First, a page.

The highway was a graded, dirt, county road. It was dry, quite smooth, and in reasonably good condition. It had one lane of travel, "room for two cars." It was about 20 feet wide. The road as it approached the place of the accident extended due west to east. The accident happened on a bridge that constituted a part of the highway. The road extended from due west to near the bridge and then made a slight curve to the southwest end of the bridge. The bridge is on an angle from the southwest to the northeast. The curve in the road commences just "west of the bridge." There is a turn in the road "Partly on and partly off" the bridge. "The road couldn't come square into the bridge * * *." For about 50 rods west of the bridge it was level. The bridge was not easily visible to a person using the road while traveling this distance towards it. The traveler from the west could not see the bridge until he "was right on it." The width of the bridge was 24 feet. It was 28 feet long, had a concrete foundation, a cement floor, and was supported by a steel frame. It had a railing on each side consisting of two 3½-inch channel irons, the length of the bridge, fastened to 4 or 5 metal standards properly spaced on each side set in cement. The railings were unpainted, badly rusted, and dark in color. The railing on the right or southeast side had been for several years bent outward and downward at an angle from the bridge. Vehicles had run into it. At the southwest corner of the bridge it was substantially unfastened at the time of the accident. It was described as bent up and dilapidated, and at the southwest corner of the bridge it was "practically off." It had no effect in its condition of preventing a vehicle from going off the side of the bridge.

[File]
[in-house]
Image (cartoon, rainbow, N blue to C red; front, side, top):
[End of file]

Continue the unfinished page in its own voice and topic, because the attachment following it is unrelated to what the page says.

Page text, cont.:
A bridge plank, unpainted and weatherbeaten, 12 inches in width and 3 inches thick was placed along the right-hand side of the bridge. The west end was at the southwest corner and the plank extended eastward about 20 feet. It was fastened to the railing after it had been bent over in a previous accident. At the time in question one end of the plank was fastened so that the top of it was about 2½ feet above the floor of the bridge and the other end rested on the floor. The plank was not noticeable to one going eastward on the highway until he was close to it.